Washington Senator Maria Cantwell has asked for a hearing on Amtrak safety standards following this week's deadly derailment in DuPont.
“Our heart breaks for the families and the individuals impacted by this unbelievably tragic accident,” Cantwell told KING 5 on Thursday. “What we want to do now at the federal level is make sure we're asking all the questions about Amtrak operations and current safety standards and also what will it take to make sure we're making improvements that will help reduce human error.”
Cantwell wrote the Chairman of the Senate Commerce, Science and Transportation Committee to request an oversight hearing on safety standards and training procedures when lawmakers return in January.
Separately, 15 U.S. Senators including Washington's have written to the U.S. Department of Transportation to ask the agency what's being done to make sure railroads comply with the new safety measure, Positive Train Control, designed to stop trains from colliding and speeding.
Congress mandated PTC following the 2008 crash in Chatsworth, Calif. that killed 25 people. However, in 2015, Congress delayed the deadline for implementation until December 2018, after railroads raised concern about the cost of installing the safety upgrade and lobbied for more time.
“We certainly pushed to have it implemented sooner,” Cantwell said. “The delay was stuck into a larger piece of legislation that passed. I think many of my colleagues would rather instead implemented it sooner, but regardless of that, we want to make sure that every day Amtrak operates safely.”
“We'll have this hearing and get an update on the implementation and time frame, but regardless of that, we want safety every day under the Amtrak current operations,” Cantwell continued.
Cantwell says she plans to visit DuPoint next week and talk to all agencies involved in the investigation, as well as community members in Lakewood who raised concern about the new rail line before Monday's crash.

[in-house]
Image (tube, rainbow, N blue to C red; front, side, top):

On Thursday, WSDOT Director Ron Pate told elected officials that Amtrak trains will not return to Point Defiance Bypass until the Positive Train Control system is operational.
The new PTC technology is required for all “mainline” railroad tracks, as defined by the Federal Railroad Administration.
NBC News reports only 37 percent of freight lines have installed PTC, so far, and only 23 percent of passenger lines.
Among the questions Senators are now asking in their letter to DOT:
1. Based on the reports and information provided to you by railroads, and your knowledge of efforts necessary to complete PTC implementation, what railroads do you anticipate will have fully implemented PTC by the end of 2018?
2. What railroads do you anticipate will fail to implement PTC by 2018?
3. What is your plan to impose fines and penalties for railroads that fail to comply with the law?
4. Can you confirm that you will be vigorous in enforcing the deadline, imposing strong fines and penalties, where necessary, on railroads that fail to meet the deadline?
5. How are you communicating your enforcement plans to the industry?
6. What steps are you taking to implement other provisions of law and safety requirements, such as requirements from the 2015 surface transportation bill, known as the FAST Act, that passenger and commuter railroads complete a speed-limit action plan (section 11406) to prevent over-speed accidents into curves and commuter railroads improve inspection practices (section 11409)?
7. What level of funding will be included in the President's yet-to-be-released infrastructure proposal to expedite PTC implementation and advance other rail safety efforts?
8. What steps is DOT taking to approve and expedite the use of federal funds and grants by recipients for the implementation of PTC?